So are browser notifications a dead end technology, destined to become a shameful footnote in the history of the web? Perhaps, but as the sophistication of “web applications” continues to grow, I wouldn't put them to sleep quite yet.
I've recently become quite fond of an online transcription service called Otter. The service will take your video or audio clips and convert them to text. This process can take anywhere between 10-60 minutes depending on the length and quality of your source material.
I had been using the service for about a month, when one day I saw something new. I had just finished uploading an audio file to transcribe when I saw the following window.
Hmm, this looked promising. First, the timing of the message felt appropriate, having appeared immediately after my upload was completed. Second, the microcopy and artwork were consistent with the rest of the site, making the experience feel more seamless and less like an intrusion.
So, fighting the inertia of my past bad experiences with notifications, I accepted the request.
About 15 minutes later, while I was working in Sketch, a desktop notification informed me that my file was done by sliding out from the top-right corner of my screen.
I clicked on it and was immediately send back to the completed project file on the Otter site. This speediness was very handy for this particular project as I was on a tight deadline. I estimate the total amount of time from when the file was ready to when I was accessing it to be approximately 5 seconds.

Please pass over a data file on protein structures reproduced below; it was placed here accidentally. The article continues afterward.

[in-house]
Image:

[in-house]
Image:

In other words, the entire interaction represented a notable upgrade over my “traditional” workflow. Before the browser notification feature was added to Otter, I would receive an email when the transcription was done. However, this is often delayed and of course there's absolutely no delight in dealing with your inbox.
To be honest, I think notifications on the desktop will have limited use, especially compared to their mobile cousins. However, if used wisely, they can bring value and yes, even delight, to your users. Here's a few recommendations if you dare go down this path.
- Be specific about how notifications will benefit your users. Marketing departments love to claim how notifications will benefit themselves. (It's easier than writing an email! We will convert casual visitors to customers!) No. Be explicit about the benefits: are you saving the visitor time? Are you actually solving a problem of theirs? How are you going to measure the effectiveness?
- Respect your users with a custom opt-in message. Technically speaking it's not that much harder to integrate a well-designed notification into your website instead of relying on the default browser workflow. Matt Gaunt's open source Web Push Book is a great place to start.
The way in which notifications are evolving should give us hope that the browser ecosystem actually works. Yes, we had to deal with annoying notifications for a few years, but we've compensated and the technology can now be used as intended.